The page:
The conference is organized by IONiC Leadership Council members Professors Maggie Geselbracht (Reed College), Barbara Reisner (James Madison University), Hilary Eppley (DePauw University), Betsy Jamieson (Smith College) and Joanne Stewart (Hope College).  "The outstanding solid state inorganic chemists at Penn State University made the choice for the site for this workshop easy," says Professor Reisner.  "The participants are eager to travel to State College and see the wonderful facilities. The department has been very gracious hosts in preparing for the workshop and I am confident it will be extremely productive."  The workshop is sponsored by a grant to IONiC from the National Science Foundation.

Four Penn State graduate students selected to participate in IONiC Workshop

Angela Jovanovic (Dr. Ben Lear's group), An Nguyen (Dr. Tom Mallouk's group), Megan Strayer (Dr. Tom Mallouk's group), and Dimitri Vaughn (Dr. Ray Schaak's group) have been selected to participate in the NSF funded workshop.

Thomas Wartik, in Memoriam, 1921 to 2013

Thomas Wartik, in Memoriam, 1921 to 2013

Thomas Wartik, professor emeritus of chemistry and dean emeritus of the Penn State University Eberly College of Science, died on 29 May 2013 at Foxdale Village in State College at the age of 91.

Born on 1 October 1921 in Cincinnati, Ohio, Wartik began his career by graduating from the University of Cincinnati in 1943, doing research related to the Manhattan Project atomic-energy program at the Metallurgical Laboratory of the University of Chicago during the Second World War, and then earning a Ph.D. degree in chemistry at the University of Chicago in 1949 followed by a one-year postdoctoral fellowship there. He then began serving Penn State continuously since 1950.

In 1950, he became an assistant professor of chemistry at Penn State, which at that time was named the Pennsylvania State College. He was promoted to associate professor in 1956 and to professor in 1961. He served as head of the Department of Chemistry from 1960 to 1971, including a research sabbatical year at the University of Cambridge, England, from 1963 to 1964. He then served as dean of the college from 1971 until his retirement in 1984.

At the time of his retirement, when he was honored with the ranks of emeritus professor and emeritus dean, Penn State president Bryce Jordan honored Wartik for his "superb leadership and dedication to science." Under Dean Wartik's leadership, undergraduate enrollment in the college increased by 41 percent and support for research grants and contracts increased from about $3 million to more than $15 million. Jordan said, "Penn State has the national science reputation that it does in large part because of Tom Wartik's leadership in the areas of teaching and research." Wartik also played a key role in attracting a $10-million gift from the Eberly Family that created an endowed chair in each of the college's academic departments, a gift that Jordan predicted "will assure a very bright future for Penn State's College of Science."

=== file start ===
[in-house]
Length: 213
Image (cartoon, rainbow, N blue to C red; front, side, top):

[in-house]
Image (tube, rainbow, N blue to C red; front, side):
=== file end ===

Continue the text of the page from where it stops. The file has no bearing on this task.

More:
The Eberly College of Science Alumni Society honored Wartik in 1987 with its Distinguished Service Award in recognition of his "leading the college to national recognition by dedication to the highest academic and scientific standards, dynamic administration, and effective fund raising." Also in 1987, Penn State honored Wartik by naming a large new research facility on the University Park campus in his honor, Wartik Laboratory. After his retirement until just recently, Wartik had continued to participate actively in the college in a variety of ways and to contribute to Penn State with his advice, support, and wisdom.

A memorial service is planned for Saturday, June 22, 2013, at 2 p.m., at Foxdale Village in State College. In lieu of flowers, a memorial gift may be made to: Penn State Eberly College of Science, 427 Thomas Building, University Park, PA 16802. Please indicate "Thomas Wartik" on the memo line of the check. Gifts may also be made online at www.givenow.psu.edu by checking the "Eberly College of Science" box and indicating that the gift is in memory of Thomas Wartik in the "other:" box.

[ B K K ]

MORE INFORMATION
The obituary published on 2 June 2013 in the Centre Daily Times is online
at http://www.legacy.com/obituaries/centredaily/obituary.aspx?n=thomas-wartik&pid=165096253#fbLoggedOut

CONTACTS
Barbara Garrison (Head, Penn State Department of Chemistry): bjg@psu.edu
Barbara Kennedy (PIO): science@psu.edu, 814-863-4682

Will Noid promoted to Associate Professor

Will Noid promoted to Associate Professor

Will Noid has been promoted to the rank of associate professor. Promotion to this rank at Penn State "takes place only after a rigorous review of a faculty member's scholarship of teaching and learning; research and creative accomplishments; and service to the University, society, and the profession."